As of 9th December 2019, and as legislated by the UK Parliament, a new piece of regulation and financial compliance has come into effect, as per the warnings of the Financial Conduct Authority (FCA) in recent months (more information). The FCA’s latest compliance regime, the Senior Managers and Compliance Regime (SMCR) is part of the FCA’s latest moves to shore up the UK economy and trust in the UK Financial Sector as ongoing moves to transform the industry continue.
Since the Financial Crisis of 2007-8, financial institutions and industries across the world and in the UK have been seeking remedial and preventative measures designed to ensure such a crisis never again occurs. In the UK, this falls predominantly on the broad shoulders of the FCA. With lending and borrowing having been and continually being tightened up by the financial regulators, naturally, a range of other areas have come under increased scrutiny.
The SMCR regime being rolled out in effect, ensures increased clarity and accountability with regards to the financial regulations to which all nature of regulated financial institutions and financial firms must abide by. In previous times, compliance and financial governance were placed squarely at the doors of the compliance officers employed or contracted to work with regulated firms.
A New Age of Financial Compliance
This old-fashioned type of compliance meant that the buck could easily be passed to the compliance manager or professional if another member of a financial team in a company did something which didn’t comply with regulations and the FCA’s regulatory frameworks. This was the case for many loan types ranging from home improvement loans (read more) to first and second charge mortgages, personal loans and more.
This led to a blame culture and meant that those who were truly culpable of a breach of regulation may have been able to escape the scrutiny they deserved.
SMCR however, requires all senior managers, staff members and employees within financial firms who perform what the FCA term ‘key roles’ to be trained and FCA authorised to offer the services in question. This creates a much clearer chain of accountability and responsibility within financial firms.
The Three Pillars of SMCR
SMCR has three pillars as defined and explained by the FCA which can be summed up as follows:
- Senior Managers Regime – Most senior managers and people within financial firms, performing the FCA-defined key roles need to be FCA authorised (as opposed to the company with specific individuals not being as detailed). Furthermore, senior managers must understand the FCA’s Statements of Responsibility and the FCA’s Prescribed Responsibilities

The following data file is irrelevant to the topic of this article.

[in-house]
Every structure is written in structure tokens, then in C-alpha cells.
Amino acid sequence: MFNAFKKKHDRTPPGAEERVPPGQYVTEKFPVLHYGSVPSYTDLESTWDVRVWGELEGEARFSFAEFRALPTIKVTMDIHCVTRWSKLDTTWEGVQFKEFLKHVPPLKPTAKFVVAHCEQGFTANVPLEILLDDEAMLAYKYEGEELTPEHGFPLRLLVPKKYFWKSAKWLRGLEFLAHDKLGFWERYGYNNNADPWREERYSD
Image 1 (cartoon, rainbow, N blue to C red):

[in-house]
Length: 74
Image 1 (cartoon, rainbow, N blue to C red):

- Certification Regime – This applies to and covers employees who are of non-senior levels, but who may, through their actions be able to cause significant harm to the financial firm in question. The Certification Regime means that employees need to be certified [by the FCA] and need confirmation and the necessary training every year
- Conduct Rules – These are the rules in place for both senior and non-senior people at a firm. All employees must be trained on financial conduct rules and firms have a duty to report any disciplinary actions taken as the result of any breaches of the FCA’s regulation
Who is Subject to SMCR?
SMCR covers most financial firms in the UK, however, being under different sets of rules, banks and building societies, authorised representatives and others are regulated under different sets of regulation, with banks being covered by the FCA’s Senior Managers Regime (SMR).
There are three distinct types of firms that are covered by the SMCR regime which can be broadly explained as:
Core Firms – This includes the majority of firms and the regulations for Core Firms represent the FCA’s baseline expectations and requirements with regards to SMCR.
Enhanced Firms – These types of firms are subject to all of the regulation that Core Firms are. However, operating as more complex and more ‘enhanced’ financial firms, they are also subject to enhanced regulations and requirements.
Limited Scope Firms – Firms qualifying as Limited Scope will have reduced obligations under SMCR. These are often those covered by other similar regulatory frameworks and may include those who are covered by an existing regime such as the Approved Persons Regime.